6. Total vision loss for some workers was reported in a massive rubber production zone. The most likely cause was black carbon exposure (Hamid et al., 2016).
    7. Increasing suicide rates in China’s manufacturing industry – linked to long work hours and repetitive nature of work (Smyth et al., 2013).
      • One study for hours worked for migrant workers in China showed 40% worked 40-60 hours per week, 25% working 70 hours per week and 7% working more than 70 hours. The mean was 55.5 hours per week (Feng et al., 2002).
      • Many migrant workers are also not part of the workers’ compensation system in China allowing companies to exploit them and not be held responsible at health for paying medical bills, lost wages, etc. (Blanding and White, 2015).
    8. Rationale for products not being handmade in the UK – China’s factories are far cheaper than in other rich nations. Many workers get paid right at the minimum wage which is about one quarter of that in the US. Many companies are moving farther inland in China for even cheaper wages in previously poor rural areas (Jiaxing and Yangon, 2015).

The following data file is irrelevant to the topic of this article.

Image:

• Also, studies have found multinational companies offer higher wages and a better standard of living than domestic subcontractors would offer. Therefore, many view the system as important for a better lifestyle (Powell and Skarbek, 2004).

Step 6: Transport of final product to port

  • Environmental Impacts – similar to Step 2 but the distances traveled are likely longer putting more stress on people are work many long hours away from home

Step 7: Shipment of product to the UK

  • Environmental Impacts – similar to step 4, assuming freight is coming through the Port of Felixstowe, the UK’s largest port (World Shipping council, 2017)

Step 8: Transport to UK seller facility

  • Environmental Impacts – similar to step 2 and 6

Step 9: Product use

  • Environmental Impacts – not very relevant when in the use of the consumer other than considering that people needed to drive to the store or have products delivered from online by truck – the previous greenhouse gas emissions and air polluters are also included here

(I chose not to include treatments and additional waterproofing coatings sometimes added, but they can contain chemicals potentially leading to air and water pollution.)